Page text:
Kaleb Olson: I think France will win this one, although it is a toss up with Germany. This French team is so deep and talented that I can’t even see Didier Deschamps messing this one up. Some may be backing off Les Blues after their lackluster draw against the USMNT, but I think they worked the kinks out and saw what they needed to work on.
Ben MacKenzie: At the risk of sounding like every inexperienced noob in the world, I’ve got to go with Brazil. Tite’s defensive schemes have turned a fading giant back into the cream of the South American crop, and, as strong as the European sides are, Brazil can match them talent to talent.
Teresa Petersen: I’m leaning towards France for this one. (I am not a betting person, and these predictions are likely to show you why.)
Bill Stenross: France
Eric Ely: France. Kaleb hit it spot on mentioning the depth of this team. Quality abounds and, as much as I want to follow my heart and say Brazil, my mind says France.
Jake Brown: Germany
David Baker: Germany
Dave Laidig: Germany
Kyle Nelson: Spain
Kayla Roste: Spain
Joe Leyba: Argentina
KO: I think this Senegal team is one that could surprise some people. It has a solid midfield with some Premier League starters filling those spots. Les Lions de la Taranga have one of the best center backs in Kalidou Koulibaly of Napoli, however their fullbacks are untested and have much to prove. The biggest question facing this Senegal side is if Sadio Mane can keep his fitness after a chock full club season with Liverpool. If he can, expect him to join Moussa Sow and Balde Keita in peppering opposing goalkeepers.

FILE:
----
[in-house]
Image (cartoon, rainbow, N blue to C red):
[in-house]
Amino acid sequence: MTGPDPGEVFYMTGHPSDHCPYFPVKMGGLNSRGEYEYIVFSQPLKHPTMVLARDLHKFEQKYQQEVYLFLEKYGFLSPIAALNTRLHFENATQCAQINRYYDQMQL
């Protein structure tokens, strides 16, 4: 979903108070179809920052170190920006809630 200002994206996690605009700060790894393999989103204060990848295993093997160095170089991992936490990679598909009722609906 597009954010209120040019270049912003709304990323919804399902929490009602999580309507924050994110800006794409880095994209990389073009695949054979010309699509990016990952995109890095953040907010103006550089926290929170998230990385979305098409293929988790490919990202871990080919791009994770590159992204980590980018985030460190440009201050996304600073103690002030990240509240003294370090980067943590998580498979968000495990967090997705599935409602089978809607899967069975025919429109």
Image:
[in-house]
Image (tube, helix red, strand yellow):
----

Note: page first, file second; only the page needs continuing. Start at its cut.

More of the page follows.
BM: Though Group B predictions are heavily weighted to the northern part of Iberia, I think Morrocco has a better than even chance of causing havoc by upending Portugal, Spain, or both. The Lions of the Atlas dominated a strong qualifying group with Cote d’Ivoire striking talent and a Malian side that’s been a rising threat in African competitions. Since qualifying, they’ve kept up the intensity by beating fellow qualifiers South Korea and Serbia. The strong side adds blossoming young talents like Real Madrid’s Achraf Hakimi and Schalke’s Amine Harit.
TP: Wild guess? Colombia. No really good reason to pick them.
EE: Croatia. Argentina is my runner-up pick to underperform, Iceland is well organized, but I’m not sure where the goals will come from, and I simply don’t know what to expect from Nigeria. All that said, Croatia do well to win the group and ride that momentum to a deep run in the knockout stages. Runner-up pick: Uruguay.
KO: Roberto Martinez is a moron. This is possibly the most talented Belgian side in recent memory, but there is a mohawk-sized hole in the midfield. Martinez decided not to call up Radja Nainggolan, who is the best central midfielder in the Belgian player pool. The reason given for the snub was a “tactical decision” which is a load of crap. Nainggolan is the difference between a semifinal and a round of 16 exit. A close second has to be Spain, who made the confounding decision to sack its coach a day before the start of the tournament.
BM: I did a little digging, and in each World Cup since the expansion to 32 teams, one of the top 5 teams in the world has flamed out in the Group Stage. With apologies to millions of fans, Argentina fits the profile of a lot of those prestigious teams whose victory champagne never makes it out of their luggage. Shaky qualification run? Check. Aging defenders? Check. Team strategy that hinges on the presence of a single player? Chiggity-check-mate! They even face the kind of brutally defensive side (Iceland) that has started the unravelling of predecessors. Messi may be the GOAT, but he’ll be the scapegoat at the end of June.
TP: England. But maybe everyone expects them to underperform, so they will really be performing up to their expected level.